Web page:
(2,419 km2)
State map highlighting Grayson County
Gregg County183Longview1873Upshur CountyJohn Gregg (1828–1864), a Confederate general during the Civil War111,379274 sq mi
(710 km2)
State map highlighting Gregg County
Grimes County185Anderson1846Montgomery CountyJesse Grimes (1788–1866), a signer of the Texas Declaration of Independence and early settler of the future county23,552794 sq mi
(2,056 km2)
State map highlighting Grimes County
Guadalupe County187Seguin1846Bexar County and Gonzales CountyThe Guadalupe River, named in turn for the Mexican spiritual icon Our Lady of Guadalupe89,023711 sq mi
(1,841 km2)
State map highlighting Guadalupe County
Hale County189Plainview1876Bexar CountyJohn C. Hale, a lieutenant killed in action at the Battle of San Jacinto36,6021,005 sq mi
(2,603 km2)
State map highlighting Hale County
Hall County191Memphis1876Bexar CountyWarren DeWitt Clinton Hall, a secretary of war for the Republic of Texas (1836)3,782903 sq mi
(2,339 km2)
State map highlighting Hall County
Hamilton County193Hamilton1856Bosque County, Comanche County and Lampasas CountyJames Hamilton Jr., governor of South Carolina (1830–1832) who gave financial aid to the Republic of Texas8,229836 sq mi
(2,165 km2)
State map highlighting Hamilton County
Hansford County195Spearman1876Bexar CountyJohn M. Hansford, a Texas state representative and judge5,369920 sq mi
(2,383 km2)
State map highlighting Hansford County
Hardeman County197Quanah1858Fannin CountyBailey Hardeman, the first secretary of the treasury for the Republic of Texas, and his brother Thomas Jones Hardeman, state representative and judge4,724695 sq mi
(1,800 km2)
State map highlighting Hardeman County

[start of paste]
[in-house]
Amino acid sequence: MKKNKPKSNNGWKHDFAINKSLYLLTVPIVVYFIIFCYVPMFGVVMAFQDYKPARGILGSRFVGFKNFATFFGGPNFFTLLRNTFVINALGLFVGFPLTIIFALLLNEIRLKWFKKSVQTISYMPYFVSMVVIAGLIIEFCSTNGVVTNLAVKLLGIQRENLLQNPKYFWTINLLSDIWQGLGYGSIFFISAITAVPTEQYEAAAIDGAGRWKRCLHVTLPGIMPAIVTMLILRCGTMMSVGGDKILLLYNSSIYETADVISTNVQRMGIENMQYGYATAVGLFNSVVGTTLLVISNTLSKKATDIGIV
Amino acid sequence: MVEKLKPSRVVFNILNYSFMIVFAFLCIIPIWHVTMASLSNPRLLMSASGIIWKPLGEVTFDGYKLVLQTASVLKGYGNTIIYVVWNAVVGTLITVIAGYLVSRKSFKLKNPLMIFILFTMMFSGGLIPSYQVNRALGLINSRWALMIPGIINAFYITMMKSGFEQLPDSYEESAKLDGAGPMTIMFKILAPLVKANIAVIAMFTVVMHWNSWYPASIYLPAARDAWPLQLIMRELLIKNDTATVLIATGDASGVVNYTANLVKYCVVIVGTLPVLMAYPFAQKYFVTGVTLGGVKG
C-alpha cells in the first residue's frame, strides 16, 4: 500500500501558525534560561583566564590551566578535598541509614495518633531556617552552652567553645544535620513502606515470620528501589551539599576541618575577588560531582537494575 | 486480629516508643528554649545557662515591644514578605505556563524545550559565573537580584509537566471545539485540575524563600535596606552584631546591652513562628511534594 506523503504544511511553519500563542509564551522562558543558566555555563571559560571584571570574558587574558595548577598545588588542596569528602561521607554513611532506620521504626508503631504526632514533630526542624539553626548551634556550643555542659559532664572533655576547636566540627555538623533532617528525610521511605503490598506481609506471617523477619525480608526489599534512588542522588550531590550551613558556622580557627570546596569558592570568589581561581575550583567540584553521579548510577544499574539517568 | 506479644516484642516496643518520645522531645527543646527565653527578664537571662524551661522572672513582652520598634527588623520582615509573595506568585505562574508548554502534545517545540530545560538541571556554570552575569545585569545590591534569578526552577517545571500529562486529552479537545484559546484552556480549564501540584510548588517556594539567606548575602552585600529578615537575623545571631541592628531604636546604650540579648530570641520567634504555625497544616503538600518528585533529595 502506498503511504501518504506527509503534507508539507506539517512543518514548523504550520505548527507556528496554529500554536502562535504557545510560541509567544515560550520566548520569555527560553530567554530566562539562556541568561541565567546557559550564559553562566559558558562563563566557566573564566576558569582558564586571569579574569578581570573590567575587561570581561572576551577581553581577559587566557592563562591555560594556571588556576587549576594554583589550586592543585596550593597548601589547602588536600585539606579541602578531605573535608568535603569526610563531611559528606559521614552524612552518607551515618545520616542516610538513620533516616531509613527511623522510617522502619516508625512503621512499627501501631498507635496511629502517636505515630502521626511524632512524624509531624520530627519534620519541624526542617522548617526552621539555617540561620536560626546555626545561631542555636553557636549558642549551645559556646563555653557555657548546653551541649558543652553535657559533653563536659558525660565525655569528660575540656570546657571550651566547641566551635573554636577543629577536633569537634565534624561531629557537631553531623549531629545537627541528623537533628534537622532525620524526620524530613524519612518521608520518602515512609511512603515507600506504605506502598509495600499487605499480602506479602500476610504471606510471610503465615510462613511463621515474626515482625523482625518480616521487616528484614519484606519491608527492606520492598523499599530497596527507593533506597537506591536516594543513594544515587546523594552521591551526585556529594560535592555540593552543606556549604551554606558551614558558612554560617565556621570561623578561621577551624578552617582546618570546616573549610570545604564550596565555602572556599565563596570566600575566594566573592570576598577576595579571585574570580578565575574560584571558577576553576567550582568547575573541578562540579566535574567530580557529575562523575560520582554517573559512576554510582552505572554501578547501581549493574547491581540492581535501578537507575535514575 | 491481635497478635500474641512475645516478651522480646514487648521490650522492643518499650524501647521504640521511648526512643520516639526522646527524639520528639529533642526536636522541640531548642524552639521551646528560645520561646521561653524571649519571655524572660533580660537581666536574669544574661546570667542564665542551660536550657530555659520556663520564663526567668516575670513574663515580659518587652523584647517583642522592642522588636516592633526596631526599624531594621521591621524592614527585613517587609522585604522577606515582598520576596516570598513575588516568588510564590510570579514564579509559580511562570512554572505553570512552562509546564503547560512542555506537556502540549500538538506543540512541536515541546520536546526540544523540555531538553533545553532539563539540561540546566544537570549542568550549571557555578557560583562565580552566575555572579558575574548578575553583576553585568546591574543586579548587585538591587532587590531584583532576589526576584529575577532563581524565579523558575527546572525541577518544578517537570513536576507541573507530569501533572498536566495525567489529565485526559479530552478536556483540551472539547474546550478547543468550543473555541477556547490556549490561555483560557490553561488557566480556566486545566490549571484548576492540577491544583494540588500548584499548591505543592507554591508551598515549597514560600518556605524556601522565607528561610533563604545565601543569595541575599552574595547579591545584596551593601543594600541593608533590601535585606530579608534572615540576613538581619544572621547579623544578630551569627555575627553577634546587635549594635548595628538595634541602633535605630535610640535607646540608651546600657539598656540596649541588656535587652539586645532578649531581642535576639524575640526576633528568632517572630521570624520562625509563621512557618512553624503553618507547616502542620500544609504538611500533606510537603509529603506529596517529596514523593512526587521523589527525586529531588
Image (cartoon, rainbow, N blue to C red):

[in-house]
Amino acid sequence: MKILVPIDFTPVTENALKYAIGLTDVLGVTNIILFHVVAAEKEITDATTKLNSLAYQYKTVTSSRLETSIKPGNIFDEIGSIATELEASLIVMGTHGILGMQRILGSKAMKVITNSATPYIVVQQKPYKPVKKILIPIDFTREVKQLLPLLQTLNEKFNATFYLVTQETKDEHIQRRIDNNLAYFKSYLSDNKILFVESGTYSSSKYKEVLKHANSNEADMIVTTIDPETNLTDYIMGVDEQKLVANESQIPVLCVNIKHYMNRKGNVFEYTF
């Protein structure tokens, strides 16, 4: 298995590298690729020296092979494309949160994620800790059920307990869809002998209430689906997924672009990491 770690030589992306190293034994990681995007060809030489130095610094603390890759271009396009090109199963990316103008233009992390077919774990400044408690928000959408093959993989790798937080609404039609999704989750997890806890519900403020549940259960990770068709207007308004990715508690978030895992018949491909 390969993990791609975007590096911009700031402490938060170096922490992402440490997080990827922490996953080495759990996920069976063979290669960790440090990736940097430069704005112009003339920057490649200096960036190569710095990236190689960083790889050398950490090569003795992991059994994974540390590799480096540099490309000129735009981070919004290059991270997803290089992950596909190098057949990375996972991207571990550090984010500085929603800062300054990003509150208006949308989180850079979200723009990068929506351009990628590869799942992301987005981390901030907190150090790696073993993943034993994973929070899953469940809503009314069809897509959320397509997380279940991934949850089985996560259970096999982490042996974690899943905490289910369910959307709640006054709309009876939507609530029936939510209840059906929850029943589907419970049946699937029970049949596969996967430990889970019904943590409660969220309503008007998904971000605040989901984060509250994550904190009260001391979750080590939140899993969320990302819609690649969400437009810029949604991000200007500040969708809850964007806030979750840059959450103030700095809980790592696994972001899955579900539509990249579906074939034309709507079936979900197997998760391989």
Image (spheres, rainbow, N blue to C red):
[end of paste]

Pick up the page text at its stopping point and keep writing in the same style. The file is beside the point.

Hardin County199Kountze1858Jefferson County and Liberty CountyThe Hardin family, earliest settlers of Liberty County48,073894 sq mi
(2,315 km2)
State map highlighting Hardin County
Harris County201Houston1836One of the original 23 countiesJohn Richardson Harris, early settler and founder of Harrisburg, Texas, which eventually became known as Houston
Named Harrisburg County until 1839
3,693,0501,729 sq mi
(4,478 km2)
State map highlighting Harris County
Harrison County203Marshall1839Shelby CountyJonas Harrison, a lawyer and soldier in the Texas Revolution62,110899 sq mi
(2,328 km2)
State map highlighting Harrison County
Hartley County205Channing1876Bexar CountyOliver C. and Rufus K. Hartley, brothers and original reporters for the Texas Supreme Court5,5371,462 sq mi
(3,787 km2)
State map highlighting Hartley County
Haskell County207Haskell1858Fannin County and Milam CountyCharles Ready Haskell, Texas revolutionary soldier killed in the Goliad Massacre6,093903 sq mi
(2,339 km2)
State map highlighting Haskell County
Hays County209San Marcos1848Travis CountyJohn Coffee Hays (1817–1883), a leading Texas Ranger and Mexican-American War officer97,589678 sq mi
(1,756 km2)
State map highlighting Hays County
Hemphill County211Canadian1876Bexar CountyJohn Hemphill (1803–1862), U.S. Senator and Chief Justice of the Texas Supreme Court3,351910 sq mi
(2,357 km2)
State map highlighting Hemphill County
Henderson County213Athens1846Houston County and Nacogdoches CountyJames Pinckney Henderson, the first governor of Texas (1846–1847)73,277874 sq mi
(2,264 km2)
State map highlighting Henderson County
Hidalgo County215Edinburg1852Cameron CountyMiguel Hidalgo y Costilla (1753–1811), the priest who raised the call for Mexico's independence from Spain569,4631,569 sq mi
(4,064 km2)